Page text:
One of the things preventing “normal” people from using a static CMS is that there’s not a comfortable way to for them to edit and preview content. I myself prefer editing markdown in a local text editor. Most people don’t work well that way.
This post is being written in my browser using Netlify CMS. When saving, it’ll create a new markdown file in the Github repo and Netlify will automatically re-build the site and push it to the Netlify CDN.
Update 2017-03-17 It worked very well. The only thing I still need to deal with is adding Tags to the CMS UI. I tried using a “String” type but that put single quotes around the entire thing, breaking the build. Oh well. This is a nice way of editing existing posts via an easy-to-use web control panel, for times I’m not at my desktop computer.
Ever since my favorite music streaming service, Rdio, was shut down, I’ve been forced to find a replacement. The contenders were Spotify and Apple Music. I’ve never loved Spotify, and iTunes is a mess. I subscribed to both services to see which I prefer.
Today I canceled Apple Music and will continue using Spotify. I’d like to tell you that I have a thoroughly-considered list of reasons, but I don’t. I went with Spotify because that’s what the others on my family plan prefer. Spotify is good enough, so who am I to argue?
One little thing that I do appreciate about Spotify on iOS is that I can simply swipe the cover art to go to the next song. Cover art is the largest single thing in the UI I don’t understand why Apple’s Music app doesn’t use for anything at all. I won’t miss iTunes.
I followed a link to a Podcast because it was about Todoist and included thoughts by Merlin Mann. Merlin was involved with the initial development of OmniFocus and has been a GTD/productivity nut forever so his opinion is valuable to me. Eager to hear his take on Todoist, I started listening to the podcast.
They got to the part about Todoist, but it took nearly forty minutes! Good lord, why does every podcast take so long getting to the damn point?
After becoming somewhat attached to notifications on my Apple Watch, I missed them when wearing my automatic watch.
In order to make my beloved analog watch a little smarter, I bought a Chronos. The Chronos attaches to the back of any watch and adds “smart” features like step counting and notifications. This sounded like a great idea.
What I found was that using the Chronos made my dumb watch dumber.
When wearing the Apple Watch, whenever I feel a little tap on my wrist I just glance at the Watch and see the notification details. When wearing the automatic watch with the Chronos attached, I’d get a tap on my wrist and reflexively glance at my watch and see… the time. In order to actually check the notification, I still needed to take out my phone. This was frustrating and not useful.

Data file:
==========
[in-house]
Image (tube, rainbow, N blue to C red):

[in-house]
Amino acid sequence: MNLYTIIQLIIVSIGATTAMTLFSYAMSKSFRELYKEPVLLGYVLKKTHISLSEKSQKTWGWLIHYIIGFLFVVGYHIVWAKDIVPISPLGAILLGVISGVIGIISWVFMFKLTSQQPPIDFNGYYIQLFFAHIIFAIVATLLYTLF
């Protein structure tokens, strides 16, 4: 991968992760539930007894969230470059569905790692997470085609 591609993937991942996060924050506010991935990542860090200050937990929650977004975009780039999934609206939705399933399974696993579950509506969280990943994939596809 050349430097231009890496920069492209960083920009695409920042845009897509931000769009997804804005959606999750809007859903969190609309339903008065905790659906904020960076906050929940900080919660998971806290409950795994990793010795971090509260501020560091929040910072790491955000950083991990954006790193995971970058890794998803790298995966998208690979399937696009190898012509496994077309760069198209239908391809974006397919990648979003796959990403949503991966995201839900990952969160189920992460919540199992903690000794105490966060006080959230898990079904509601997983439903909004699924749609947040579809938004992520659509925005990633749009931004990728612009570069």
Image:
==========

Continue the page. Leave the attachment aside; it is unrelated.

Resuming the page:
I like to wear my automatic watch when going out at night. Recently, I grabbed the watch on my way out and realized I hadn’t charged the Chronos. That was the end of it. The whole point of an automatic watch is that it takes no batteries and never needs a charge. I’m not interested in remembering to charge a watch that should never need charging.
I removed the Chronos and my nice, manual, automatic watch went back to its normal task of telling the time and making me happy.
“Powerful automation made simple” (and in only slightly more than 43,000
I poke fun, but it reminded me that I’m still working toward a less
complicated life. As cool as Workflow is, I’m better off resisting its
charms, lest I fall down yet another rabbit hole while trying to
“improve my process”.
is my second bag from ONA. I wanted something small that I could carry
everywhere and the Bowery fits the bill. I carry a Leica M, the Fuji
X-Pro2, a couple rolls of film, spare battery, and a notebook. I like
everything about it. I’m told it looks a lot like a purse but that’s
fine with me.
Whether you are a traditionalist like myself or a hybrid photographer,
The Darkroom Underground publishes a balance of technical and creative
articles in every issue along with featured photographers and some of
their best artwork
I’ve subscribed. Film-focused photography resources are becoming less
rare. This is a good thing.
Consumer and Film Division (CFD) revenues for the fourth quarter were
\$45 million, down from \$63 million in Q4 of 2015. Operational EBITDA
declined from \$14 million to negative \$2 million.
For the year, revenues for CFD were \$216 million, down 18 percent
from \$265 million, driven primarily by a \$32 million expected
decline in consumer inkjet revenues. Operational EBITDA for the
division was down \$36 million for the year, driven by the reduction
in consumer inkjet as well as investments supporting the KODAK Super 8
Camera and future camera platforms.
I’m rooting for Kodak, so this doesn’t look like the best possible news.
I’m hanging my hopes on the word “investments”.
There is something special about 8mm movie film. First, it’s wonderfully
retro. Beyond that, it’s fun to occasionally load into a projector and
show on a big screen. And of course I love the permanence of it. Also,
I bought a cheap Super8 camera a year ago and I like watching at the first reel I shot with it, shown here…
I thought I’d try shooting more movie film, so I bought the above Canon
Auto Zoom 814 Electronic. It was cheap, solid and more than sufficient
for my needs. I’m maybe half way through my first cartridge. I can’t
wait to finish and have it processed. The nice part about this camera is
that even if it stops working, it looks cool just sitting on a shelf. I
hope that doesn’t happen, of course.